I have a user account that keeps on getting locked out. I am trying to find out what caused it. So I want to enabled failure audits in event viewer as a start. But, I don't know how!

How do I enable Audit Failures such that it shows up in the DC's event viewer under Windows Logs > Security?

The steps I have done so far:

  • In the DC, go to Group Policy Management Editor > Default Domain Policy (Linked) > Computer Configuration > Policies > Windows Settings > Security Settings > Local Policies > Audit Policy
  • Set the Audit account logon events, directory services access, logon events to "failure". account management is already set to "Success, Failure".
  • In the DC, start the command prompt, type gpupdate.

The event log still shows only Audit Success only, even though it can be checked that my user account is getting bad password count every few minutes or so.

  • You were so close! See the 1st answer below.
    – Sam Erde
    May 24, 2012 at 10:05

6 Answers 6


Do this on the "Default Domain Controller" Policy to apply to the DC's

  • AH... should have known it!
    – Jake
    May 25, 2012 at 1:43

Note that in Win2008 server and above, you need to use the "Advanced Audit Policy Configuration" options in the GPO. See screenshot:



Yes, you need to edit on Default Domain Controller policy, otherwise you need to create new GPO and link it to the Domain Controllers OU. Once you have done it in any of these two ways, you need to watch the User Account Management events

4740 - for locked out.

4767 - for unlocked.

Refer this article http://www.morgantechspace.com/2013/08/how-to-enable-active-directory-change.html to know how to enable auditing in active directory

and for complete event ID list http://www.morgantechspace.com/2013/08/active-directory-change-audit-events.html


Indeed, if you need to enable/disable auditing in Active Directory, you need to change the default Domain Controller's policy, not the domain policy. This is because the auditing is done on the DCs and it is the default Domain Controller's policy that governs policy on DCs.

  • Does enabling this auditing feature can cause the local AD event logs to grow bigger? Jan 25 at 1:20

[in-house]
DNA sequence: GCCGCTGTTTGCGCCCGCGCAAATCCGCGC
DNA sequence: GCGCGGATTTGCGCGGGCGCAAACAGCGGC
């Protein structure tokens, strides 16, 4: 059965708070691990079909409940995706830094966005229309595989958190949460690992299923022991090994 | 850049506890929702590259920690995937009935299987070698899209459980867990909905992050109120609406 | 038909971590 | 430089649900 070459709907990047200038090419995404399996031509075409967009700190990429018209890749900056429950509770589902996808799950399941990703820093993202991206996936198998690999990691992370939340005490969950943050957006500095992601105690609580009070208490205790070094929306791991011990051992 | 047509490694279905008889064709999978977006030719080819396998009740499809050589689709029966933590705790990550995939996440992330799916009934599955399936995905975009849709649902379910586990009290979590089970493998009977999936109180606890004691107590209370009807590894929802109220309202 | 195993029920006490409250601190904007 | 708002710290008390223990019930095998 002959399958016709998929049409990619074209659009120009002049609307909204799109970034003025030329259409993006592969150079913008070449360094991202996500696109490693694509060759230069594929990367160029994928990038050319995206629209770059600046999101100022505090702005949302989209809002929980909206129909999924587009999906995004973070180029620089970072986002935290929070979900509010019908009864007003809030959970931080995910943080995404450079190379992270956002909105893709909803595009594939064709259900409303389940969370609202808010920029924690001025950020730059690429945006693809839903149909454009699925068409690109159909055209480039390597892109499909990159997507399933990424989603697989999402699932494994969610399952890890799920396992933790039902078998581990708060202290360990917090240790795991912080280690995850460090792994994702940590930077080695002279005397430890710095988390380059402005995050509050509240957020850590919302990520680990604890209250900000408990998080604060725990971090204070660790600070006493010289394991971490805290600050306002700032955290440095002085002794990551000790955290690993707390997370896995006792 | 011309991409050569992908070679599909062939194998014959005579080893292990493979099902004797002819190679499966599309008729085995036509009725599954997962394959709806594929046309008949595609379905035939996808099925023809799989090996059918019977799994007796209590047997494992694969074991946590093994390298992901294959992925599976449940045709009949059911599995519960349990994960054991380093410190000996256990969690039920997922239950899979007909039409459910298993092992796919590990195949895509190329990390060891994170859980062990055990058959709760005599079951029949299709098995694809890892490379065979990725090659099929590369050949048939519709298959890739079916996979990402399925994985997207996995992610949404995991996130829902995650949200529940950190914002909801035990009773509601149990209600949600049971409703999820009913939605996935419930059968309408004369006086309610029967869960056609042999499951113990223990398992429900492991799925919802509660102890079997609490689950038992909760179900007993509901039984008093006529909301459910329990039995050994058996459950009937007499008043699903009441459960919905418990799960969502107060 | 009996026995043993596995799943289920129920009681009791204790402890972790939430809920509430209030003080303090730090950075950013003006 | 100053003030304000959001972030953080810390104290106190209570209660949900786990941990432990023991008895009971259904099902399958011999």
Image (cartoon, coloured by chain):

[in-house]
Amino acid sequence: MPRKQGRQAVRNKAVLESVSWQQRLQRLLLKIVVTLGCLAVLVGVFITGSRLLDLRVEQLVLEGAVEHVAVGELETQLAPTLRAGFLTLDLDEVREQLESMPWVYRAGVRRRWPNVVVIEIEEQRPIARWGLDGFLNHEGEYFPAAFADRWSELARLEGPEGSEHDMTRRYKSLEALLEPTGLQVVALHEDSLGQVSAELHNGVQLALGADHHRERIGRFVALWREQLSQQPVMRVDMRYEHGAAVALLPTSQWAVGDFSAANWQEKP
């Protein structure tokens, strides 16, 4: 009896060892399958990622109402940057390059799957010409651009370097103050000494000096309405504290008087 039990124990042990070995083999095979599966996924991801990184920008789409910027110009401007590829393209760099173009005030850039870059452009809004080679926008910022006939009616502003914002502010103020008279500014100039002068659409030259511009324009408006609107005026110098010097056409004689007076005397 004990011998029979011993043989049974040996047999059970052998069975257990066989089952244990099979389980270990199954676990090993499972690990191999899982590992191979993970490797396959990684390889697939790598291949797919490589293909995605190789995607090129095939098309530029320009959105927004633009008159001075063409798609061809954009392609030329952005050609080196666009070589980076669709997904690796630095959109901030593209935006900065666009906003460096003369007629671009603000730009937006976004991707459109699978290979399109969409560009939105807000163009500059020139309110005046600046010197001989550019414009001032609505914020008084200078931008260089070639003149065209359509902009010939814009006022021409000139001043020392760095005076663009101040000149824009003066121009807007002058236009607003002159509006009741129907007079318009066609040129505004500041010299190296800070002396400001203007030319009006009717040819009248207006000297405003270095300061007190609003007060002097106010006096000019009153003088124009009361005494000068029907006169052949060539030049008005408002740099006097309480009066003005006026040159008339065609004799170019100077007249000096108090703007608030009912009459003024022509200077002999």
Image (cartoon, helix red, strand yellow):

Depending on your AD functional level. For a Windows 2003 Ad functional level, the Audit Policies have to be configured as @Jake said, those are Basic Audit Policies. When it comes to Windows 2008 or higer, you already have Basic Audit Policies and Microsfot added a more complex/grained Audit flavour (Advanced Avanced Security Audit Policy.

As @Kombaiah M said,

you need to edit on Default Domain Controller policy, otherwise you need to create new GPO and link it to the Domain Controllers OU

Be careful with enabling Basic and Advanced audit policies, as you'll have unpredictable results (Special Considerations).

To identify the user locked accounts, you should bear in mind that event ids differ considering the AD functional level. As @Kombaiah M pointed out, the event ids for w2k8 are

4740 - for locked out.

4767 - for unlocked.

If you still have w2k3 domain controllers, the event ids differ from the above:

User account locked out

User account unlocked

Here you have a quite interesting document Video: Auditing vs Advanced Auditing Configurations about Advanced Audit Conf.


You can use Microsoft Lockout Status Tool http://www.microsoft.com/en-gb/download/confirmation.aspx?id=15201 to help identify which AD server is recording the bad password attempts, this should help narrow the scope!

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